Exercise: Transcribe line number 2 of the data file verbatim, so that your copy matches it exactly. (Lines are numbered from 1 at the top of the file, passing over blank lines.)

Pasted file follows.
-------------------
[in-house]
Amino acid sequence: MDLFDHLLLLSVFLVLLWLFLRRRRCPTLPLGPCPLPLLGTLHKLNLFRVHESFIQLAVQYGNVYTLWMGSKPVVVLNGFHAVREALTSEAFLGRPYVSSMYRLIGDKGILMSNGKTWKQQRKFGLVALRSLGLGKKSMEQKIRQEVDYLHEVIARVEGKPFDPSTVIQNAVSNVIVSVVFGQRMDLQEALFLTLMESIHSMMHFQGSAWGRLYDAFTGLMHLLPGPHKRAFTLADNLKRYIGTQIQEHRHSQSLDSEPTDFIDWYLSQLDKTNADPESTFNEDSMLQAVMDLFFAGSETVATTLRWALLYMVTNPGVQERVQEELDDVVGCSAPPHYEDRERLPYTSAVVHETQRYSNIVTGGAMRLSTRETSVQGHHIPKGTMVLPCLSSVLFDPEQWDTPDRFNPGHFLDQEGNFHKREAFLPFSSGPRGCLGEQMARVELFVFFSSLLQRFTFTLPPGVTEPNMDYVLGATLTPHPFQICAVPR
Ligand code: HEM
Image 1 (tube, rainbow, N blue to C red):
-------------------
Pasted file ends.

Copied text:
Amino acid sequence: MDLFDHLLLLSVFLVLLWLFLRRRRCPTLPLGPCPLPLLGTLHKLNLFRVHESFIQLAVQYGNVYTLWMGSKPVVVLNGFHAVREALTSEAFLGRPYVSSMYRLIGDKGILMSNGKTWKQQRKFGLVALRSLGLGKKSMEQKIRQEVDYLHEVIARVEGKPFDPSTVIQNAVSNVIVSVVFGQRMDLQEALFLTLMESIHSMMHFQGSAWGRLYDAFTGLMHLLPGPHKRAFTLADNLKRYIGTQIQEHRHSQSLDSEPTDFIDWYLSQLDKTNADPESTFNEDSMLQAVMDLFFAGSETVATTLRWALLYMVTNPGVQERVQEELDDVVGCSAPPHYEDRERLPYTSAVVHETQRYSNIVTGGAMRLSTRETSVQGHHIPKGTMVLPCLSSVLFDPEQWDTPDRFNPGHFLDQEGNFHKREAFLPFSSGPRGCLGEQMARVELFVFFSSLLQRFTFTLPPGVTEPNMDYVLGATLTPHPFQICAVPR